why I “hate” tall people: a dis-concert-ing experience

Before we dive into my deep-seated height issues, here are some stats. The average female’s height is around 5”5 (or 163 cm, in countries that actually make sense). As far as I know, I’m 5”7 (170 cm). So yes, technically, I hate myself, too.

Anyway, I say I’m 5”7 “as far as I know” because I really don’t know at all. I don’t make a habit of measuring myself anymore, mostly because doing so just got too depressing.

Four years ago, when measuring my height at home

Me: *straining neck to appear taller* What does it say???

Mom: 169 cm. Try for 170. Models have to be at least 170.

Three point five years ago

Me: *raises chin* What now?

Mom: 169 cm. Wait…

Me: What? I got taller?!?

Mom: … 169.1 cm. By the way, models have to be at least 170.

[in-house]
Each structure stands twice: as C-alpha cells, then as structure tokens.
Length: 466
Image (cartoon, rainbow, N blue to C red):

Three years ago

Mom: 170 cm!

Me: No way!

Mom: Good. Models have to be at least 173.

Me: Models also have to be at least reasonably attractive.

So now I rely solely on the numbers from my yearly physical exams. That way, I can content myself with the possibility that my doctor has bad eyes and is accidentally shaving off an inch from my height every time she reads from the scale. For the past three years.

I mean, she’s a pediatrician, not an optometrist. Mistakes happen.

… Actually, I might be serious. Considering how people shorter than me claim to be 5”9 and people taller than me claim to be 5”7 and all of us cite actual doctors to prove the accuracy of our claims, I can only conclude that all pediatricians in my area are a) incapable of measuring tall people, b) putting down random numbers just to see if anyone notices, or c) trying really hard to further prove that doctors have awful handwriting.

Looking back on what I’ve written so far, I guess it’s just that I hate people taller than me. Why?